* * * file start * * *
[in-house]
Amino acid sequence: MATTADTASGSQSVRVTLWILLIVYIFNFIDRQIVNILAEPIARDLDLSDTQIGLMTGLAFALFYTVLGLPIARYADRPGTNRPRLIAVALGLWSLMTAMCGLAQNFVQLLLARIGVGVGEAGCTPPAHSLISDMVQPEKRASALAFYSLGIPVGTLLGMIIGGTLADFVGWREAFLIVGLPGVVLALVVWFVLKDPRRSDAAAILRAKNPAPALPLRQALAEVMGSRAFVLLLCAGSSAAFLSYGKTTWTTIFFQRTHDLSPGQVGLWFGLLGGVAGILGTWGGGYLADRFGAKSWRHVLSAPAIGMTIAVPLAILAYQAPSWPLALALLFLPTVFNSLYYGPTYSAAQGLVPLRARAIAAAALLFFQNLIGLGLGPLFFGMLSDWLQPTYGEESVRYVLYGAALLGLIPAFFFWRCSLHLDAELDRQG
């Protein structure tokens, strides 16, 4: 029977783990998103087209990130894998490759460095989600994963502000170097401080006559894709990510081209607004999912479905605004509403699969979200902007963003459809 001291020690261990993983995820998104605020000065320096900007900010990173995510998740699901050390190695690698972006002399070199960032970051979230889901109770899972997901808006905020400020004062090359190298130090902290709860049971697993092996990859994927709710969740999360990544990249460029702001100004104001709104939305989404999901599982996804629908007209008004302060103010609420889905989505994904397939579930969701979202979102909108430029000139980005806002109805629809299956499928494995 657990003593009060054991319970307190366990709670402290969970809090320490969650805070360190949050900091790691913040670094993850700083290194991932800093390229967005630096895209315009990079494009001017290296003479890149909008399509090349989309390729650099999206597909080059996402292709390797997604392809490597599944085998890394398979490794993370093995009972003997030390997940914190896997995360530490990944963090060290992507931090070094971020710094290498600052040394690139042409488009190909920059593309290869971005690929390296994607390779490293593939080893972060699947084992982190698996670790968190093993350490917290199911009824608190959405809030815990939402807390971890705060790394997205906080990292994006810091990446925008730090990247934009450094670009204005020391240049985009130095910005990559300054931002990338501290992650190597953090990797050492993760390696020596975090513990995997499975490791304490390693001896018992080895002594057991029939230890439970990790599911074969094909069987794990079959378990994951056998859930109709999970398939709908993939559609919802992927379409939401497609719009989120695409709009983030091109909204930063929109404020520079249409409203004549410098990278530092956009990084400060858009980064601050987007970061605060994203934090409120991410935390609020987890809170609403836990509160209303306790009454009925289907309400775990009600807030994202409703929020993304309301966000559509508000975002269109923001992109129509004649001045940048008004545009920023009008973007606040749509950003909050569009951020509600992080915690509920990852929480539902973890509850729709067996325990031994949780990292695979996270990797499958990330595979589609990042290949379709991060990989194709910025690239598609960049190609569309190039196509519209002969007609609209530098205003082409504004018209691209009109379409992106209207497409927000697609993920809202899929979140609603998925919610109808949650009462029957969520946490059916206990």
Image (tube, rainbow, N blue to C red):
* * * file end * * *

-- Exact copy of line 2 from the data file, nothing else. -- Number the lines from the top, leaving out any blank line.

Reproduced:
Amino acid sequence: MATTADTASGSQSVRVTLWILLIVYIFNFIDRQIVNILAEPIARDLDLSDTQIGLMTGLAFALFYTVLGLPIARYADRPGTNRPRLIAVALGLWSLMTAMCGLAQNFVQLLLARIGVGVGEAGCTPPAHSLISDMVQPEKRASALAFYSLGIPVGTLLGMIIGGTLADFVGWREAFLIVGLPGVVLALVVWFVLKDPRRSDAAAILRAKNPAPALPLRQALAEVMGSRAFVLLLCAGSSAAFLSYGKTTWTTIFFQRTHDLSPGQVGLWFGLLGGVAGILGTWGGGYLADRFGAKSWRHVLSAPAIGMTIAVPLAILAYQAPSWPLALALLFLPTVFNSLYYGPTYSAAQGLVPLRARAIAAAALLFFQNLIGLGLGPLFFGMLSDWLQPTYGEESVRYVLYGAALLGLIPAFFFWRCSLHLDAELDRQG